Product Area: Low-cost medical devices
Big Idea: An affordable, one-size-fits-all nasal interface for pediatric pneumonia patients
Project Launched: February 2011
Team: David Janka, Neil Mehta, Alejandro Palandjoglou, and Elizabeth Zambricki
Surprising to many outside of the global public health sphere, pneumonia is the leading killer of children under 5 years old. At over 2 million deaths per year, pneumonia is responsible for greater annual childhood mortality than diarrheal diseases (1.7 million) and, furthermore, exceeds the combined mortality from malaria (800,000), measles (400,000), and AIDS (300,000). Pneumonia has the potential to be a fatal illness because, in severe forms, accumulation of fluid in the lungs compromises a child’s ability to breathe. The delivery of continuously pressurized oxygen is crucial for survival of children with severe pneumonia in order to keep their lungs open.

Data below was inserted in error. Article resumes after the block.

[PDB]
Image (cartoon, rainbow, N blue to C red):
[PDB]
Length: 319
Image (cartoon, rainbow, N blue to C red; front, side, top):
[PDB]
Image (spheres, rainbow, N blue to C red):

Even though a therapy known as Bubble CPAP (Continuous Positive Airway Pressure) is an affordable and effective means to deliver respiratory support for children with severe pneumonia in resource-limited settings, the nasal interface responsible for delivering pressurized oxygen does not fit well in most cases. The customized interface options available in industrialized nations are prohibitively expensive, meaning intensive care providers are unable to provide necessary life-sustaining therapy in developing countries.
AdaptAir is the missing link in effective respiratory care for dying children in the developing world. Based on the concept of a ‘one size fits all’ adapter, AdaptAir converts commonly used, generic nasal prongs into securely fitting, customized nasal interfaces that maintain effective pressure in the delivery of Bubble CPAP.
What’s Happening Now?
The AdaptAir team received funding through the Social E Lab program in Summer 2011 to refine prototypes and return to Bangladesh for feedback from physicians at their partner institution, ICDDR,B, as well as other urban and rural healthcare providers in Bangladesh and India. In October 2011 the project received $25,000 in funding support from the Stanford Biodesign Global Exchange Program to continue product development through 2011-2012. This project has been supported, in part, by a global health innovation grant from the NIH, known as C-IDEA.